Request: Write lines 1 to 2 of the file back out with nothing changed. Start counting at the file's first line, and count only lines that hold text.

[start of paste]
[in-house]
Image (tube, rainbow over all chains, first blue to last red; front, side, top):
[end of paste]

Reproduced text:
[in-house]
Image (tube, rainbow over all chains, first blue to last red; front, side, top):